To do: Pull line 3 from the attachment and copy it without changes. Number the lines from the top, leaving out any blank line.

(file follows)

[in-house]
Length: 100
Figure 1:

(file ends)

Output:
Figure 1: